Wednesday, March 14, 2007

John Wesley's Ecumenical Letter to Catholics in Dublin

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John Wesley, the great English evangelist and founder of Methodism, wrote a remarkable open letter, dated July 18, 1749, which was published in Dublin, in the context of great inter-faith bitterness. His Letter to a Roman Catholic reads in part as follows:

    Brotherly love is utterly destroyed and each side, looking on the other as monsters, gives way to anger, hatred, malice, to every unkind affection . . . Can nothing be done, even allowing us on both sides to retain our own opinions, for the softening our hearts towards one another, the giving a check to this flood of unkindness? . . . Be our opinions right or be they wrong, these tempers are undeniably wrong . . .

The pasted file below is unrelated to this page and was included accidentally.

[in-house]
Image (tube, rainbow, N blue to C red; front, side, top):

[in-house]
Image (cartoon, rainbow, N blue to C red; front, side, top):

I think you deserve the tenderest regard I can show . . . How much more, if you are a person fearing God (as without question many of you are) . . .
     
    Let us resolve, first, not to hurt one another, to do nothing unkind or unfriendly to each other . . . Let us resolve, secondly, God being our helper, to speak nothing harsh or unkind of each other . . . to say all the good we can, both of and to one another . . . Let us, thirdly, resolve to harbour no unkind thought, no unfriendly temper towards each other . . . Let us, fourthly, endeavor to help each other on in whatever we are agreed leads to the Kingdom. So far as we can, let us always rejoice to strengthen each other's hands in God.


    Edited by Dave Armstrong in 1991.

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